The Broad Institute at Harvard and MIT have been in a long court fight over patents on CRISPR technology, and many other scientists did important work on it, but Doudna and Charpentier have been most consistently honoured with prizes for turning it into an easily usable tool.

Dr. Francis Collins, who led the drive to map the human genome, said CRISPR “has changed everything” about how to approach solutions to diseases with a genetic cause, such as sickle cell disease.

“You can draw a direct line from the success of the human genome project to the power of CRISPR-cas to make changes in the instruction book,” said Collins, director of the National Institutes of Health that helped fund Doudna’s work.

The prestigious award comes with a gold medal and prize money of 10 million kronor (more than $1.1 million), courtesy of a bequest left more than a century ago by the prize’s creator, Swedish inventor Alfred Nobel. The amount was increased recently to adjust for inflation.

On Monday, the Nobel Committee awarded the prize for physiology and medicine to Americans Harvey J. Alter and Charles M. Rice and British-born scientist Michael Houghton for discovering the liver-ravaging hepatitis C virus. Tuesday’s prize for physics went to Roger Penrose of Britain, Reinhard Genzel of Germany, and Andrea Ghez of the United States for their breakthroughs in understanding the mysteries of cosmic black holes.

The other prizes are for outstanding work in the fields of literature, peace and economics.

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Larson reported from Washington, and Jordans from Berlin. AP Chief Medical Writer Marilynn Marchione contributed from Milwaukee.

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Read more stories about Nobel Prizes past and present by The Associated Press at https://www.apnews.com/NobelPrizes

David Keyton, Christina Larson And Frank Jordans, The Associated Press









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Astronomers scout metal-rich asteroid thought to be worth 10,000 quadrillion dollars – ZME Science

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Most asteroids are made of plain rock or ice — but not ’16 Psyche’.

Representation of the Psyche asteroid. Image credits: Arizona State University.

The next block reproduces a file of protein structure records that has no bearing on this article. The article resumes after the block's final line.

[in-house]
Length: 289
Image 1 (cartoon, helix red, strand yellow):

According to recent observations perform using NASA’s Hubble Space Telescope, the chunky asteroid from the solar system’s main asteroid belt between Mars and Jupiter is mostly made of nickel and iron. This makes it an extremely atypical asteroid and a very valuable one — it’s worth as much as $10,000 quadrillion in raw resources by some estimates, or almost 70,000 times the value of the global economy in 2019.

Billionaires: ‘hold my beer’

Psyche spans 140 miles (225 km) in diameter, making it one of the largest objects in the main asteroid belt. In fact, Psyche is so large it was easily discovered using 19th-century technology in 1852.

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The novelty is that now scientists have reported in The Planetary Science Journal the asteroid’s composition.

Scientists previously had some hints that Psyche is a dense, largely metallic object. This assumption has now been confirmed thanks to observations at two specific points in the asteroid’s rotation that offered a view of both sides of Psyche at ultraviolet wavelengths.

For the first time, astronomers have recorded iron oxide ultraviolet absorption bands in any asteroid. This is a clear indication that oxidation is occurring on the surface of the asteroid. Its high density suggests that the oxidated metals are nickel and iron. In fact, the entire asteroid might be the leftover core of a failed planet that never succeeded in forming into one.